In 2011, the Accreditation Council for Graduate Medical Education (ACGME) limited first-year resident-physicians’ work hours to no more than 16 consecutive hours after studies indicated that longer shifts may increase risk of medical errors and other adverse outcomes.
The response to the limit was mixed and it was overturned in 2017, again allowing residents to be scheduled for up to 24 hours of continuous work.
A new study by Harvard Medical School researchers at Brigham and Women’s Hospital examines the impact of the 16-hour limit on the safety outcomes of patients directly under the care of resident-physicians.
Through national surveys of residents before (2002-2007) and after (2014-2017) the limit was enacted, the team found that resident-physician-reported medical errors and adverse events dropped by more than a third, and medical errors resulting in patient death declined by almost two-thirds when the 16-hour limit was in place. Results are published in BMJ Quality & Safety.
“We know that people are prone to make more mistakes when they are sleep deprived, and doctors are no exception,” said lead author Matthew Weaver, HMS instructor in medicine and associate epidemiologist at Brigham and Women’s.
“What’s important is that we can see that interventions such as work hour limits can have a meaningful effect. In our study, we saw a dramatic reduction in medical errors resulting in harm or leading to patient death when work hours were limited. It’s important that the risk of extended work shifts and the potential benefit of limits be transparent to patients and to providers,” Weaver said.
The authors conducted their national, prospective survey by reaching out to all U.S. medical school graduates and all additional individuals who matched to a U.S. residency program.
More than 21,000 agreed to participate, which represents nine percent of all U.S. medical residents from 2002-2007 and 18 percent of U.S. medical residents from 2014-2017.
After controlling for age, gender, specialty, and other variables, including time in patient care, the team found that after the work-hour policy was implemented, there was a 32 percent reduction in reports of significant medical errors, a 34 percent reduction in reported preventable adverse events, and a 63 percent reduction in reported medical errors resulting in patient death.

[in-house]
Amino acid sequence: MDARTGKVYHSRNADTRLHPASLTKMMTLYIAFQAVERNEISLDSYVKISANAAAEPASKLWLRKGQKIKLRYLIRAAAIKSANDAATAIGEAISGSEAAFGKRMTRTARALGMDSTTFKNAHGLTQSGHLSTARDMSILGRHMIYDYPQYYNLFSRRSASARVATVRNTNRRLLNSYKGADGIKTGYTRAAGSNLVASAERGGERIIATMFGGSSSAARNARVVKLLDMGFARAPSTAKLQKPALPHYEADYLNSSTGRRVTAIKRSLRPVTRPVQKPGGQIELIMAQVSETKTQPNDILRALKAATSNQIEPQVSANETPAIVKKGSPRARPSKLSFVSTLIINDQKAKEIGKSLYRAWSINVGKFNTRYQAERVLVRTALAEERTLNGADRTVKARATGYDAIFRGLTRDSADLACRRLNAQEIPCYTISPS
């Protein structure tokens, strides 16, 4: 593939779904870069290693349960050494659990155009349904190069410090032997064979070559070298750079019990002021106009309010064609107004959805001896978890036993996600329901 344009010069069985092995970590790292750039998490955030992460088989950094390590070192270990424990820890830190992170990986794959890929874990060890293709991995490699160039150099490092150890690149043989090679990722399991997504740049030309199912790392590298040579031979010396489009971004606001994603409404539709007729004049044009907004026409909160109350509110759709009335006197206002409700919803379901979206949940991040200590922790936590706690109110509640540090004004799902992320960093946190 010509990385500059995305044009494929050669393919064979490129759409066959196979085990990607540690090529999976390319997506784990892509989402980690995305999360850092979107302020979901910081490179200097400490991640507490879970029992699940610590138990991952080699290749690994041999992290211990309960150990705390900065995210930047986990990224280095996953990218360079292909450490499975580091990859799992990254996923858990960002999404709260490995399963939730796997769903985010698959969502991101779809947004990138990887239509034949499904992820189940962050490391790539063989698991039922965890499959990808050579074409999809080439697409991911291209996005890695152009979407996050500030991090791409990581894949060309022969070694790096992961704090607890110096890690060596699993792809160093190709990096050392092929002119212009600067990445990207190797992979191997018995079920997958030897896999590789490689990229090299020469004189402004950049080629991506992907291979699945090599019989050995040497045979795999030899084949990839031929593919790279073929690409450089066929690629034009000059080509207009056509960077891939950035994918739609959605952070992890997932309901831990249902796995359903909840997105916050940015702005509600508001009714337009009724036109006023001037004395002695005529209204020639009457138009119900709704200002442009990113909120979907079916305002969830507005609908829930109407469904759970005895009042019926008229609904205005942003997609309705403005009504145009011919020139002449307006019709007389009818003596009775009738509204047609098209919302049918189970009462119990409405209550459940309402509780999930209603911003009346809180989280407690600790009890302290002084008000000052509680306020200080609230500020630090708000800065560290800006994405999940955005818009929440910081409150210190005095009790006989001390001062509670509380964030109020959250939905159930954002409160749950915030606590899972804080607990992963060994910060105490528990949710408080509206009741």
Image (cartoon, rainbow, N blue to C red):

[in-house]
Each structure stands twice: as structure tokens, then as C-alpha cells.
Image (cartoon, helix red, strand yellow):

The authors note that the study is observational in nature and relies on self-reporting, which may be subject to recall bias and erroneous self-observation.
The new study builds on previous work from researchers in Brigham and Women’s Division of Sleep and Circadian Disorders. Their previous studies helped to inform the 2011 decision by the ACGME and have explored the detrimental effects of extended work hours on both patients and residents.
“We’ve studied both extended duration shifts—working more than 24 hours in a row—and extended work hours—such as working more than 60 hours a week—and have seen evidence of harm not only to patients but also to resident-physicians themselves,” said senior author Laura Barger, HMS associate professor of medicine, part-time, and a physiologist at Brigham and Women’s.
“We’ve seen that working shifts of 24 hours or more are also associated with increased risk of being in a car crash after a shift,” Barger said.
Weaver, Barger, and colleagues plan to study the impact of the reversal of work-hour limits after 2017. Their next cohort will include resident survey responses from 2020 to 2023 and will examine how many hospitals are now using extended work shifts.
“Now that national regulations once again allow shifts of up to 24 consecutive hours for first-year residents, it’s important to continue efforts to monitor the effects, especially on medical errors, and extend this monitoring to assess resident health and well-being as well,” said Weaver.
Disclosures: Weaver reports grants from the National Heart, Lung, and Blood Institute and the Brigham Research Institute, and personal fees from the National Sleep Foundation and the University of Pittsburgh, outside the submitted work. Additional author disclosures are available in the paper.
This study was funded by the National Institute for Occupational Safety and Health (grants R01OH010300, R01OH011773, R01OH07567) and National Heart, Lung, and Blood Institute of the National Institutes of Health (grants F32HL134249, R56HL151637, T32HL007901, U01HL111478).
Adapted from a Brigham and Women’s news release.